Seasonal Volatility and Volume Return, ECB May Determine Dollar’s Break
- While structural volatility is still a drag on markets, a historical seasonal rebound typically occurs starting next week
- Dollar faces the most prominent technical cliff, but its direction will likely depend on the Euro, Aussie and other crosses
- As we keep tabs of unpredictable fundamental developments; top event risk ahead are ECB, BoC and RBA rate decisions
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This past week ended with far more volatility than expected, but still little resolution for those looking for clues for the next leg of a significant trend. And, there are so many trends that have yet to be decided: the Dollar's break or reversal; whether the S&P 500 renews global equities push to record highs; the VIX volatility index's return to 10; and more. For event risk to close out this week, the US labor data was good for a last jolt of volatility - though it offered little clarity even for the short-term traders looking to scalp a move in the dying liquidity of the week. The monthly change in payrolls (NFPs) was a smaller than addition than expected at 156,000 but a notable extension of a remarkable trend. The same assessment can be applied to an uptick in the jobless rate from a near decade low while average hourly earnings held in inflation-adding territory at 2.5 percent. The S&P 500 reacted to the economic reinforcement (with limited hawkish capacity for the Fed) by extending its four-day rally, but fell just short of its record high. The Dollar meanwhile experienced intraday volatility without either breaking recent bearish momentum or sliding below its two-and-a-half year low.
Looking forward, there is a considerable amount of event risk that can again prod the market back to life. However, the most critical feature of the immediate horizon in liquidity. We are passing out of the 'Summer Doldrums' and into what is historically the most active period of the trading year. The US Labor Day holiday traditionally represents the turning point for participation and volatility. So, while Monday will be drained due to the US markets being offline, history shows us that September is a peak month (along with October) for the VIX volatility index. Further, seasonal studies show that September is the S&P 500's (a favored benchmark for risk trends of mine) worst month for performance - and indeed the only average negative month - going back to 1980. Volume and volatility come hand-in-hand, which poses a serious risk for a market so steeped in complacency and saddled with such extreme exposure to risk assets. Seeing the liquidity waters rising only provides for the potential. To put the spark to this bonfire, we need a catalyst. Political troubles, fallout from protectionism, collective and competitive monetary policy, and the tide of sentiment itself can all take responsibility for our bearings if properly provoked.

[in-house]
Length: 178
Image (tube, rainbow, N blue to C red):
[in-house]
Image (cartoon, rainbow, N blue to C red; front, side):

For most of the big-ticket themes, there is limited scheduling to follow the path forward. For monetary policy, however, there is not only plenty of fodder; there are currencies carrying exceptional exposure. Arguably the most depressed currency in the medium-term is the US Dollar - and rightfully so. The Greenback was lifted on the backs of speculators projecting a general turn in global monetary policy that would usher in higher market returns, and the Fed looked to make the currency the first mover. Yet, there may still be more premium to lose, but it is less likely to bleed off from the US central bank's efforts and instead leach away because of the progress of its major counterparts. On that front, we have three important rate decisions on the docket moving forward. The ECB is by far the most important of the policy meetings on tap. Though sporting one of the most dovish policies among the major central banks, the Euro has traded places with the Dollar to become the strongest currency of 2017. The European authority has let it leak that they are growing concerned with the height of the currency, and this is their opportunity to do something about it - even if just a more official effort to 'jawbone.'
For the BoC rate decision on Wednesday, the Canadian currency has seen more aggressive but recent gains afer the central bank hiked rates. The market is pricing in approximately a 50-50 chance the group hikes again this week, so there is potential for surprise regardless of the outcome. Finally, the RBA may not carry the weight of the hawkish world like the ECB nor have already moved like the BoC, but it is critical for defining yield appeal for carry trades in extremely low rate markets. Expect monetary policy to play a considerable role in fundamental drive over the coming week; but be open to surprise and especially volatility and participation levels.
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DailyFX provides forex news and technical analysis on the trends that influence the global currency markets.